The initiative also recognizes that today’s journalists, and local news organizations in particular, are less able to pursue legal cases around free speech and freedom of the press due to a lack of resources and support. Knight is making a major investment to tackle this challenge:

  • Reporters Committee for Freedom of the Press ($10 million): To help local newsrooms defend the First Amendment and hold decision-makers accountable. The Reporters Committee will triple the number of lawyers working on local issues and expand its network of local attorneys providing pro bono legal support.

In addition, the initiative includes $10 million in support for the Knight-Lenfest Local News Transformation Fund, a partnership with the Lenfest Institute for Journalism announced in September 2018, which established a fund for the digital transformation of local news organizations. The latest Knight investment will support further expanding the Knight-Lenfest Newsroom Initiative (formerly “Table Stakes”) within dozens of new communities and establishing a shared resource hub for local news organizations.

Building on Knight’s previous work to address the rapid spread of misinformation and promote accurate news, other investments will support news literacy initiatives, community engagement, and tools that help people become better consumers of news. These include:

  • The News Literacy Project ($5 million): To expand the impact of a nonpartisan educational nonprofit that empowers educators to teach news literacy to middle and high school students. The organization will also bring its signature NewsLitCamps to several communities where Knight invests; the professional development program provides teachers and librarians with an introduction to news literacy, teaching resources and the opportunity to connect directly with journalists working in their communities.
  • Solutions Journalism Network ($5 million): To expand a model that advances community engagement and civic dialogue to produce rigorous reporting that highlights solutions, rather than problems. The initiative will help bring the Solutions Journalism Network to more communities, including those where Knight invests, and will encourage collaboration with newsrooms participating in the American Journalism Project.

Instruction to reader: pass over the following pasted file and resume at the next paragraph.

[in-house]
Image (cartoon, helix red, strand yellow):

• Cortico ($2 million): To help journalists build trust by better understanding the communities they serve and the issues people care about. Cortico's listening system —the Local Voices Network— uses machine learning to analyze online and offline community conversations. Cortico is a nonprofit created by leaders at the Lab for Social Machines at the MIT Media Lab.

Knight is investing an additional $35 million in research to support the creation and expansion of research centers around the United States. This research will study the changing nature of an informed society in America and will help build an emerging field of study to address pressing questions about the health of an informed society and citizenry in the digital age.

Today’s announcement by Knight, the nation’s leading funder of journalism, comes two weeks after the Knight Commission on Trust, Media and Democracy —a joint initiative between Aspen Institute and Knight— released a report based on more than a year of work by experts across sectors. It offers recommendations for the press, technology platforms, as well as public and philanthropic actors to rebuild the trust in the media and other democratic institutions calling for: online news services to protect their users; radical transparency from media organizations; and a commitment to civics education. Several recommendations focus on strengthening local news including developing viable nonprofit, hybrid and for-profit local news models, and advancing collaboration among journalism entities at all levels. 

As the leading funder of journalism and media innovation in the country, these investments further Knight’s commitment to fostering more informed and engaged communities, which are essential to a healthy democracy.

To learn more on how get involved in the initiative and support the rebuilding of local news visit: kf.org/localnews.

About the John S. and James L. Knight Foundation

Knight Foundation is a national foundation with strong local roots. We invest in journalism, in the arts, and in the success of cities where brothers John S. and James L. Knight once published newspapers. Our goal is to foster informed and engaged communities, which we believe are essential for a healthy democracy. For more, visit kf.org.

CONTACT:

Anusha Alikhan, Director of Communications, John S. and James L. Knight Foundation, 305-908-2646, [email protected]

Image (top): The Texas Tribune's Juan Luis García Hernández (left) and Neena Satija interview Guatemalan asylum seeker Marcos Samayoa on the Brownsville/Gateway International Bridge in June 2018. Photo by Reynaldo Leal for The Texas Tribune.